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Is The U.S. More Competitive In Distance Running?

The Mammoth Track Club's Bob Larsen thinks so.

The Mammoth Track Club’s Bob Larsen thinks so.

From: NYRR Media

Highlighted by Galen Rupp’s historic performance at the U.S. Olympic Track and Field Trials, which ended on Sunday, the U.S. team going to London has better odds of winning medals from 1500 meters to the marathon than it has since Lyndon Johnson was president and the Beatles made their American debut on The Ed Sullivan Show.

“I know we’re going to be competitive in the distances when we get to London,” said Bob Larsen, a founder of what the Mammoth Track Club, who coaches 2004 Olympic Marathon silver medalist Meb Keflezighi, who will once again represent the U.S. in the Olympic marathon later this summer. “I certainly couldn’t say that in 2000, and it’s increased dramatically since 2004 and even 2008.”

In 1964, Billy Mills famously won a dramatic gold medal at 10,000 meters, and two Americans—Bob Schul (gold) and Bill Dellinger (bonze)—earned Olympic medals at 5000 meters. No American man has won an Olympic medal at 5000 or 10,000 meters since.

In 2012, not only does Rupp have to be considered a medal threat at both distances, but Bernard Lagat, the veteran star who Rupp improbably outkicked at 5000 meters in Eugene, is still among the world’s best and couldn’t be hungrier for the top prize in what he calls his last chance.

“I just want to run for the gold. There’s nothing else,” said Bernard Lagat, 37, who won bronze and silver medals at 1500 meters while competing for his native Kenya. “That is what I want. That would define me.”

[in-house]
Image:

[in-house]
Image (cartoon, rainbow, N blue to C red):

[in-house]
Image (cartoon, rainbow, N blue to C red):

In addition to Rupp, who broke the legendary Steve Prefontaine’s 5000-meter Olympic Trials record and became the first man to win both the 5000 and 10,000 meters at the Trials since 1952, and Lagat, who in 2007 became the first American to win the World Championships at both 1500 and 5000 meters, among the U.S. contingent for the London Games are:

  • Dathan Ritzenhein (10,000 meters), a three-time Olympian with a bronze medal at the 2009 World Half Marathon Championships to his credit;
  • Matt Tegenkamp (10,000 meters), who at 5000 meters finished a close fourth at the 2007 IAAF World Championships;
  • Shannon Rowbury (1500 meters), the 2009 World Championships bronze medalist;
  • Jenny Simpson (1500 meters), the 2011 IAAF World Champion;
  • Morgan Uceny (1500 meters), ranked #1 in the world for 2011;
  • Matthew Centrowitz (1500 meters), the 2011 IAAF World Championships bronze medalist;
  • Shalane Flanagan (marathon), the 2008 Olympic bronze medalist at 10,000 meters;
  • Kara Goucher (marathon), the 2007 World Championships bronze medalist at 10,000 meters;
  • Desiree Davila marathon), the third-fastest American woman marathoner in history, who came within two seconds of winning the 2011 Boston Marathon;
  • Meb Keflezighi (marathon), the 2004 Olympic silver medalist; and New York City Marathon champion
  • Ryan Hall (marathon), whose time of 2:04:58 from Boston 2011 makes him the fastest American marathoner in history.

The resurgence at 1500 meters and the marathon are particularly remarkable. In 2004, Carrie Tollefson, with the “B” standard, was the only American woman to represent the United States in Athens at 1500 meters; now the USA has both the defending World Champion and the #1 woman in the world. In the marathon, Rod de Haven and Christine Clark were the only American marathoners eligible to compete in Sydney in 2000; four years later the U.S. had a silver medalist in Keflezighi and a bronze medalist in Deena Kastor. In 2012, all three women on the U.S. team have to be seen as podium contenders.

Juli Benson, who coaches Simpson and was herself a 1500-meter Olympian in 1996, said that a debt is owed to Keflezighi and Kastor, whose Olympic marathon medals in 2004 are widely credited with jump-starting U.S. distance running.

Motioning toward Uceny, Rowbury, and Simpson as they spoke with the media after making the team, Benson said, “Deena showed that it could be done, and all these girls were probably sitting at home watching her do it.”